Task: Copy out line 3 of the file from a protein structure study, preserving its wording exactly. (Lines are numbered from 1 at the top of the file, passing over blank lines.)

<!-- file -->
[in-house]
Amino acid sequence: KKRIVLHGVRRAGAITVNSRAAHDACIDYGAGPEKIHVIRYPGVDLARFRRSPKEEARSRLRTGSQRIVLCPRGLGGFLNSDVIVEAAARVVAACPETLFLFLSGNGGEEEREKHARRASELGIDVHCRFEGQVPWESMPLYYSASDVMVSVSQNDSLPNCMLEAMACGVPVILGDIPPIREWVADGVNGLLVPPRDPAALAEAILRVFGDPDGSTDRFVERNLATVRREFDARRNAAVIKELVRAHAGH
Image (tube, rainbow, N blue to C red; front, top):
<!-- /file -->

Image (tube, rainbow, N blue to C red; front, top):